While the Scottish scene is not as buoyant as England’s revival of Northern Soul and its counterpart modern soul, Bumpin’ And Stompin’ has been carving out a great reputation throughout the country.
“We have people travelling from all over Scotland and the north of England for the nights now,” beams co-organiser Shaz.
Saturday’s show celebrates the second birthday for the club, which started at The Wee Red Bar at Edinburgh College of Art. It soon outgrew that space and now regularly packs in 500 people to the Cafe Royal.
But what exactly is Northern Soul? In layman’s terms, it’s a strange, less polished twist on Tamla Motown, as Shaz’s colleague and co-organiser Jolly explains. “Motown was the manufactured sound for the teenagers of the 1960s and Northern Soul records were attempting to copy that sound. But they didn’t have the same production quality – however the records were much better,” he argues.
“I was never a big Motown collector myself, but I am aware that it set the tempo, beat and general sound for soul records back then.”
Back in the Seventies, the classic haunts for Northern Soul fans were clubs such as Blackpool Mecca, The Torch in Stoke and the most famous venue of them all, Wigan Casino. Shaz says: “I started going to the Casino in 1972 after meeting some guys from Middlesbrough at a soul night here in Edinburgh. It was packed and I caught live acts such as Jr Walker, Jackie Wilson and Tommy Hunt at the all-night sessions.”
But the scene is not just about Sixties soul music; it has become atomised over the years, as sub genres splinter when fans tire of the same records. Some classics can be played year-in and year-out. These heavily rotated records are called oldies and some all-night dance sessions specialise in them, while others, such as The 100 Club in London, champion newies.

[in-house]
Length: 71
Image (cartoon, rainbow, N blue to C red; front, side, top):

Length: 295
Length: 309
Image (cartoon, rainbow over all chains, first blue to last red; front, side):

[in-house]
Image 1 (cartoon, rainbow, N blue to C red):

Other fragments include crossover tracks, which have both a Sixties and Seventies flavour to them. Two step, beat ballads and mid-tempo soul relate to the strict dance tempo of certain tracks. The modern soul DJs, meanwhile, cull their play list from the Eighties, Nineties and even new garage and R’n’B releases.
Perhaps the favourite term for a great Northern Soul record is a stomper. These are the sound in its purist form – fast, gritty, but not always soulful. Many white artists have had records played on the scene, including Elvis Presley and Bob Seager – even the theme to Gerry Anderson’s Joe 90 TV puppet show.
Most Northern Soul fans shun these tracks, and talk about the brilliant deep soul vocals of the music such as Michael And Raymond’s Man Without A Woman, which costs a mere £300 That’s nothing compared to Frank Wilson’s Do I Love You (Indeed I Do) which costs £17,000 – but only three people actually own a copy of that elusive stomper.
Some labels are prized for their whole catalogue, such is the quality of their past releases. The records released on the highly collectable Shrine label average about £3000 each, but some people spend their lives trying to own each one of its precious trophies.
“Those records are so soulful and certainly bring a tear to the eye,” sighs Jolly. And so does the cost of the records!
With that level of fanaticism, expect a big turnout of eager punters this Saturday which may far exceed the Cafe Royal’s capacity.
There are a handful of tickets left for this three-room event, which promises to be one of Scotland’s best soul nights, with ten great DJs.